Sunday, May 19Royal Holloway's offical student publication, est. 1986

What did the Conservative Party Conference tell us about our future?

The question over who lives in the White House for the next four years is dominating the news, and the decision is firmly placed in the hands of American citizens. So it can feel odd for us here in the UK: we changed our Prime Minister three months ago, without the public casting a single vote. But, like it or not, that is the nature of our political system.

So it’s now up to Theresa May to convince us that she is worthy of her new title.

At the Conservative Party Conference this week in Birmingham, May outlined her party’s plans for the next four years and just like every other conference, the underlying theme was ‘change’. In fact, she said the word exactly 29 times when talking about the economy, worker’s rights and housing affordability.

However, the biggest reference to change was, of course, when referencing Brexit. May didn’t go into specifics (beyond that Article 50 will be triggered next March) although it was clear that she wants a best of both worlds scenario: access to the single market with the removal of EU law precedence. But with the French President Francois Hollande stating this week that “there must be a threat, there must be a risk, there must be a price” of leaving the EU, compromise is extremely likely. Nevertheless, expect to hear the word Brexit at least once a day for the foreseeable future.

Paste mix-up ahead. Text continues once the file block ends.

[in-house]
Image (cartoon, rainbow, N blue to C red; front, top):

But what kind of Conservative is May? As a self-confessed liberal, she mentioned she wanted her party “rooted in the centre ground” which suggests that she intends to appeal to discontented Labour voters by modernising Conservatism. Intervention in economic markets, a nod to Ed Miliband through a mention of regulating energy bills and a warning against the predation of big business broke with Conservative traditions as May promised a Britain where “everyone plays by the same rules and every person has the opportunity to be all they want to be.”

Although, this sense of unity and a country that “should work for everyone” that embodied much of her speech can be negatively compared with Amber Rudd’s controversial immigration comments, including requiring companies to reveal their percentage of foreign workers, which has been regarded as “sanctioning a form of racism.”

However, a recent YouGov poll suggests 59% of people agree with Rudd’s proposals including 51% of Labour voters despite Jeremy Corbyn’s comments that his rival party are “fanning the flames of xenophobia and hatred in our communities.” The only group that disagreed was young people as evident uproar it caused on social media. In response, the government made clear that the results would not be publicised.

Ultimately, Theresa May will be judged not on her words on stage but her actions in Parliament and with a lack of strict policy changes discussed in Birmingham, what her premiership will bring over the coming years remains to be seen.